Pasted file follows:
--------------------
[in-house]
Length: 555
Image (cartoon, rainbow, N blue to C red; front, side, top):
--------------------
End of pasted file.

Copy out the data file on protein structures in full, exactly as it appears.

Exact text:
[in-house]
Length: 555
Image (cartoon, rainbow, N blue to C red; front, side, top):